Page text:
• Due to increasing involvement of people with active sport, injuries are becoming increasingly common where tissues such as ligaments or tendons tear or detach from bone. Surgical techniques have been developed to reconstruct such torn soft tissues and to re-attach them to the relevant bone. One of the most common types of such injuries is tearing of the Anterior Cruciate Ligament (ACL). The Anterior Cruciate Ligament connects the femur to the tibia at the centre of the knee joint. Reconstruction of such tissues generally involves replacement with a graft such as autologous or artificial tendon. An autologous tendon graft may be taken from the patients patellar tendon or, alternatively, the semitendinosus may be utilised. A typical fixation technique involves the use of a circular button fixation device which is located on the outside of the femur above the knee. As this is some distance from the site where the graft will be utilised in the knee joint, sutures are used to attach the graft to the femur button. The main disadvantage of this technique is that incisions need to be made through the skin and quadriceps muscle resulting in trauma to the leg and a cosmetically undesirable procedure. US 5645588 describes an improved technique whereby the ligament anchor may be threaded through a femoral tunnel formed through the femur from the centre of the knee but such still involves the use of sutures attached directly to the fixation device on the outside of the femur above the knee and through which the graft is looped before passing out of the femoral tunnel before being secured to the tibia. Using such techniques inevitably involves the introduction of potential sources of loosening of the graft by way of stretching of the suture. This can cause movement in the graft during subsequent patient mobility which hinders the healing and grafting process. Furthermore, the use of sutures involves the tying of knots which themselves result in some subsequent stretch in the suture, increasing the likelihood that the graft will have inappropriate tension for its intended purpose. The suture itself may also fail under the high tensile forces to which it is subjected during use. PCT/US97/22061 attempts to solve this problem by providing an interference fit insertion element with a proximal apperture through which a graft may be threaded or attached. The technique involves securement of the interference end of the device into the central cancellous area of the bone. Unfortunately, this softer area of the bone may not provide sufficient anchoring of the device to resist the tensions to which the graft is subject in use.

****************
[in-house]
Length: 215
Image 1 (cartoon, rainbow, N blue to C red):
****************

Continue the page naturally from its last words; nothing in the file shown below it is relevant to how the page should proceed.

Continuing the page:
• US 5037422 also relates to the anchoring of sutures for securement of a suture to a bore hole in a bone. The device is shown secured to the cancellous bone. The device is for use in soft tissue fixation to the outside of the bone and not fixation within the bore hole itself. Futhermore, it is not suitable for graft fixation and is only applicable to sutures.
  • A device for graft fixation using sutures is described in EP 0 619 982 where the anchor includes a body and a plurality of barbs located in axially aligned, circumferentially spaced relation to each other about the body. The barbs have a normal configuration wherein they extend rearwardly and radially outwardly from the anchor body to outer ends which are normally located outside a longitudinal projection of the largest geometric cross-section of the body transverse to its longitudinal axis. The device utilises sutures and suffers from the drawbacks previously outlined. It also relies upon interference between the barbs and the soft cancellous bone area.
  • US 5 632 748 shows an endosteal anchoring device for urging a ligament graft against a bone surface. The device is inserted into the upper lateral condylar surface of the femur and comprises a head which abuts the outer surface of the femur and holds the ligaments, and a member which rests in the femur and has a plurality of supports which extend into the cancellous bone to further secure the anchor.
  • FR 2 725 615 shows a two-part anchor comprising a male member and female member. The female member may be inserted a bone tunnel and has irregularities on its surface to encourage bone growth. The male member may be inserted into the female member to expand the female member and secure it against the bone wall.